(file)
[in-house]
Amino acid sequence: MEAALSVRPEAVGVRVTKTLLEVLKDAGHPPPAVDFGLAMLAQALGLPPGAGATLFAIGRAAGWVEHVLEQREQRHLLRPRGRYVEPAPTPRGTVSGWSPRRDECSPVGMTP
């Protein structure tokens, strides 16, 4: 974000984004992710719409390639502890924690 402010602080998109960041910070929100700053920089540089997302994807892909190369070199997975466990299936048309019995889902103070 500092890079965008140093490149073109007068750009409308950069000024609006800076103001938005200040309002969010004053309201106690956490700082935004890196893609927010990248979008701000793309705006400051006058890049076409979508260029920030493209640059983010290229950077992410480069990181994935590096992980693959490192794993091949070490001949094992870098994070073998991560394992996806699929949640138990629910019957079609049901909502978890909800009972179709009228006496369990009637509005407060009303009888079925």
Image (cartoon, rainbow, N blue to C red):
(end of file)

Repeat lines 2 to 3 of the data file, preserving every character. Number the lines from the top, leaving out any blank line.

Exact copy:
Amino acid sequence: MEAALSVRPEAVGVRVTKTLLEVLKDAGHPPPAVDFGLAMLAQALGLPPGAGATLFAIGRAAGWVEHVLEQREQRHLLRPRGRYVEPAPTPRGTVSGWSPRRDECSPVGMTP
């Protein structure tokens, strides 16, 4: 974000984004992710719409390639502890924690 402010602080998109960041910070929100700053920089540089997302994807892909190369070199997975466990299936048309019995889902103070 500092890079965008140093490149073109007068750009409308950069000024609006800076103001938005200040309002969010004053309201106690956490700082935004890196893609927010990248979008701000793309705006400051006058890049076409979508260029920030493209640059983010290229950077992410480069990181994935590096992980693959490192794993091949070490001949094992870098994070073998991560394992996806699929949640138990629910019957079609049901909502978890909800009972179709009228006496369990009637509005407060009303009888079925």